(& taco nt.)

  1. bark. MN.i.198, MN.i.434, MN.i.488; AN.v.5
  2. skin, hide (similar to camma, denoting the thick outer skin, as contrasted with chavi, thin skin, see chavi & cp. Ja.i.146).

Often used together with nahāru aṭṭhi (tendons & bones), to denote the outer appearance (framework) of the body, or that which is most conspicuous in emaciation: AN.i.50 = Sdhp.46; tacamaṃsâvalepana (+ aṭṭhī nahārusaṃyutta) Snp.194; Ja.i.146 (where ˚vilepana); Snp-a.247; aṭṭhi-taca-mattâvasesasarīra “nothing but skin & bones” Pv-a.201. Of the cast-off skin of a snake: urago va jiṇṇaṃ tacaṃ jahāti Snp.1, same simile Pv.i.12#1 (= nimmoka Pv-a.63)-kañcanasannibha-taca (adj.) of golden-coloured skin (a sign of beauty) Snp.551; Vv.30#2 = Vv.32#3 ; Mil.75; Vv-a.9
■ valita-tacatā a condition of wrinkled skin (as sign of age) Cnd.252≈; Kp iii.; Kp-a.45; Sdhp.102.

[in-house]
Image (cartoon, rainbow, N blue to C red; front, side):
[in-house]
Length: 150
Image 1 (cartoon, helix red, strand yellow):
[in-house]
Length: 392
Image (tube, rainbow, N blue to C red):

• -gandha the scent of bark Dhs.625;
  • -pañcaka-kammaṭṭhāna the fivefold “body is skin,” etc, subject of kammaṭṭhāna-practice. This refers to the satipaṭṭhānā (kāye kāy’ ânupassanā:) see kāya I. (a) of which the first deals with the anupassanā (viewing) of the body as consisting of the five (dermatic) constituents of kesā lomā nakhā dantā, taco (hair of head, other hair, nails, teeth, skin or epidermis: see Kp iii.). It occurs in formula (inducing a person to take up the life of a bhikkhu): taca-p-kammaṭṭhānaṃ ācikkhitvā taṃ pabbājesi Ja.i.116; Dhp-a.i.243; Dhp-a.ii.87, Dhp-a.ii.140, Dhp-a.ii.242. Cp also Vism.353; Dhp-a.ii.88; Snp-a.246, Snp-a.247;
  • -pariyonaddha with wrinkled (shrivelled) skin (of Petas: as sign of thirst) Pv-a.172;
  • -rasa the taste of bark Dhs.629
  • -sāra (a) (even) the best (bark, i.e.) tree SN.i.70 = SN.i.90; Iti.45 (b) a (rope of) strong fibre Ja.iii.204 (= veṇudaṇḍaka).

Vedic tvak (f.), gen. tvacaḥ